In celebrating its 25th anniversary, the “cultural jamming” and collage group Negativland parodies the theme park, catapulting us into deconstructed attractions of the gallery as entertainment destination in the exhibition Negativlandland.
Viewers will find appropriations of Disney ventures—such as a reconfigured Lincoln from the Hall of Presidents, and a video remix of the Little Mermaid, merged with the angry telephone recording of a Disney studio executive. Anecdotes about the media and entertainment industries are expressed in such work as the discovery of “Howland Island,” and ideas of approaching stores such as Petco as an art supplies depot. Other work includes a set of limited edition prints from Negativland’s 2002 “Death Sentences” project.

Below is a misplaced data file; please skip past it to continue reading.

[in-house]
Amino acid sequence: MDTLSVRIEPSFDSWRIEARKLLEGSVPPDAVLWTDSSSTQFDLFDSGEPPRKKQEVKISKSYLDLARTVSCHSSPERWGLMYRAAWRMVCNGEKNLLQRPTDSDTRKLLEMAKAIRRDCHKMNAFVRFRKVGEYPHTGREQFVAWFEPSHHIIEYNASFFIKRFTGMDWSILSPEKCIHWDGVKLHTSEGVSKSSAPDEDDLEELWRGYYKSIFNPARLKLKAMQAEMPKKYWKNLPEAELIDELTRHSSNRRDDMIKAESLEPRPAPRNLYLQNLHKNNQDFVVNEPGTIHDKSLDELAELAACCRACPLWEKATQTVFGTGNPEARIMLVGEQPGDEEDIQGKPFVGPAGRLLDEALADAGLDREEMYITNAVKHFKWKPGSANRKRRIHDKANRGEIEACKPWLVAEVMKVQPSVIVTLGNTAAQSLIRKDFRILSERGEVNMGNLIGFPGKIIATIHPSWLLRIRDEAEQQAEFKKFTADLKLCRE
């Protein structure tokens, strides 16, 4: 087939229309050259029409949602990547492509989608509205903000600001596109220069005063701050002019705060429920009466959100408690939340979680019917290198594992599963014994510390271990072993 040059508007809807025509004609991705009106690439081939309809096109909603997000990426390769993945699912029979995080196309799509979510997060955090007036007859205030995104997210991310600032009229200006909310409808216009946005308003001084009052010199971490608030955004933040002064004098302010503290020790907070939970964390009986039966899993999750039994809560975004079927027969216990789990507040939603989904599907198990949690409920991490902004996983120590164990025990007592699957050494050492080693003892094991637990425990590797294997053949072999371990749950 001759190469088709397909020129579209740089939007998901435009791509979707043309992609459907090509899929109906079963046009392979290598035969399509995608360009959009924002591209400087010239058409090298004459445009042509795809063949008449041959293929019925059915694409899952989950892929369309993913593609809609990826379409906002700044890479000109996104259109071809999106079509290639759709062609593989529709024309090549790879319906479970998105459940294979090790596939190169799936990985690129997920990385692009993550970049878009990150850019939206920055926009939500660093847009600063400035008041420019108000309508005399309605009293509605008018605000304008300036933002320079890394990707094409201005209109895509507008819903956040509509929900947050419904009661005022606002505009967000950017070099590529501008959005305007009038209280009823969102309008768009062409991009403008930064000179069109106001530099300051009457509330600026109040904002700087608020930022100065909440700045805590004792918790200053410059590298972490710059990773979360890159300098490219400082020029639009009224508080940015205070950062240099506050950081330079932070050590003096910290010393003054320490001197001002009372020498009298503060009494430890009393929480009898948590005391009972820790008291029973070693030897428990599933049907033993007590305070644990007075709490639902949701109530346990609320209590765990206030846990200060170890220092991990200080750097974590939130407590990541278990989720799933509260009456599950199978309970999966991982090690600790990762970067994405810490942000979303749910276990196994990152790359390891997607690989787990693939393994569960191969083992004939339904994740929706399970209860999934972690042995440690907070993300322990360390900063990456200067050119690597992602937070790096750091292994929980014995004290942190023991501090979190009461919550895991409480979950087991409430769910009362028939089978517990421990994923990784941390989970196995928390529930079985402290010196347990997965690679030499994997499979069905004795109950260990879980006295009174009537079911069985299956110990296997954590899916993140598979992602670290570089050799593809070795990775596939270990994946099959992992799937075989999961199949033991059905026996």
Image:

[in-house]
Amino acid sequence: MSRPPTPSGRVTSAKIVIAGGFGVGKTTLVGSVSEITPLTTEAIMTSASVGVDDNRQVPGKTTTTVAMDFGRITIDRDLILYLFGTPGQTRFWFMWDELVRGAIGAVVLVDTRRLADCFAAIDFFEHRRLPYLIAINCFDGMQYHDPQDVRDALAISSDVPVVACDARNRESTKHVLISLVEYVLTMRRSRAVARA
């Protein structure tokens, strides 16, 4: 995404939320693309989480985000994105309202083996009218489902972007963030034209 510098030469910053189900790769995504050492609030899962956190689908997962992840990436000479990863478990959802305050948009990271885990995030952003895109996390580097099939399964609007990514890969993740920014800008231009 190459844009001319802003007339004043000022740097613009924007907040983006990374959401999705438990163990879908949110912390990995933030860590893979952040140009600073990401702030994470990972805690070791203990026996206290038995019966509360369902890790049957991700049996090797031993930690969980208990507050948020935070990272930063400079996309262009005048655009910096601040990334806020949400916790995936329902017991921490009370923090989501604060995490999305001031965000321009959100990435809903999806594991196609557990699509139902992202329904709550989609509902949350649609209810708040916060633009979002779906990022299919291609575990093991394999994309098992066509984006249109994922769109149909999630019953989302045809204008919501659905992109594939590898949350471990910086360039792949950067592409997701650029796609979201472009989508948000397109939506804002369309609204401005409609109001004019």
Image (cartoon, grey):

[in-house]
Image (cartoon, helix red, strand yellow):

Also on view will be an unauthorized special edition of a U2 vs. Negativland ipod (version 2G), created by Francis Hwang. Hwang produced this modified ipod in commemoration of the 1991 lawsuit filed by U2’s record label against Negativland and SST for the release of its album “U2.” The first edition of this ipod was originally offered for sale on ebay in December of 2004, and was removed from the auction website six days after Apple Computer claimed that Hwang was violating Apple’s intellectual property rights.
Since 1980, Negativland has been creating records, fine art, film, video, books, radio and live performance using appropriated sound, image and text. Mixing original materials and music with things taken from corporately owned mass culture, Negativland re-arranges these bits and pieces to make them say and suggest things that they never intended to. In doing this kind of cultural opposition and “culture jamming” (a term coined by the group in 1984), Negativland has been sued twice for copyright infringement. This year marks its 25th anniversary as a group.